One month ago, the Canadian folk-rock/indie rock sextet Carmanah released their genre-blending second full-length album, Iris. Recently, I spoke to the band’s frontwoman and creative mind, Laura Mitic, about the band’s new album Iris, their downtime they’ve had throughout 2020, the meaning of the band’s name, and more!
Is there any significance to the band name, Carmanah?
Carmanah is named after the Carmanah Walbran Provincial Park on Vancouver Island near Port Renfrew on the ancestral and current territory of the Pacheedaht and Ditidaht Peoples. This land is home to a forest that has never been logged, and the ancient trees that grow there include some of the largest Sitka spruces in the world. We first chose the name somewhat naively, hoping to find a namesake that connected us to our west coast home. But over the years, we continue to learn more about the communities that protect the forest and those who spared the old-growth trees from being logged in the late 1980s. The cultural and environmental significance of the forest is irreplaceable and invaluable.
What are your musical influences that shape the overall blend of roots, rock, and blues together to your distinct sound?
While I’m often discovering new music that inspires me, I consistently draw from a few of my favourites, including but not limited to: Feist, Dusty Springfield, Nancy Sinatra, Roy Orbison, The Chambers Brothers, The Beatles, Bahamas.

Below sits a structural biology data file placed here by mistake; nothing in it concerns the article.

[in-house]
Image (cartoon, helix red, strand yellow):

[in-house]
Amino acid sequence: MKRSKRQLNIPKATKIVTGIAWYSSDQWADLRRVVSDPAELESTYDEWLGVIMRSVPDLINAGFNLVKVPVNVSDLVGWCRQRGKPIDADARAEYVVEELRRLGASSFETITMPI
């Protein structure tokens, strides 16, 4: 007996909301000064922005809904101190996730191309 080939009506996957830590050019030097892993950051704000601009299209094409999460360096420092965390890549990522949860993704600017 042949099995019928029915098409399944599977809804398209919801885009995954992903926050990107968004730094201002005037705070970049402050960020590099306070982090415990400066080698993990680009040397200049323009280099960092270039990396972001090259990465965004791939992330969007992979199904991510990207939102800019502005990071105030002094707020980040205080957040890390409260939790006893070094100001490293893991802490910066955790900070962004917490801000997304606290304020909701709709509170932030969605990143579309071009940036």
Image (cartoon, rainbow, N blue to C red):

Could you walk me through the typical Carmanah songwriting process?
I usually begin the writing process alone, with my guitar and a cup of coffee (I write best in the mornings). Once I have the framework of a tune, I bring it to the rehearsal space with my five pals/bandmates. Everyone adds their own creative touch and influence, and we compare notes and ideas to make the song as strong as it can be. Every musician in Carmanah brings their own flare to the creative process, which makes writing new music really fun and exciting.
If you got the chance, what musician would you like to collaborate with? Rather this is past or present and either to write a song/album with or even tour with?
I’d love to collaborate with Leslie Feist on a song or two. I feel like we could sink into something really creative, quirky, and deep together. Maybe if we could also borrow Dusty Springfield from the past, we could start a sweet and badass harmonizing trio.
You guys released your most recent album, Iris, on October 2nd. How has it been received by listeners so far?
Iris has been received well so far. Normally we’d have embarked on a tour or two by now where we would be able to witness the album’s impact in person. But we are happy with what we have seen online with streaming numbers, music video views, radio play, and playlist adds. We’ve received some really nice feedback, which encourages us to push on, especially since like I mentioned, we can’t tour, and that’s our favourite part of this whole music gig.
Do you have a favourite track, or even more than one track off your brand new album, Iris?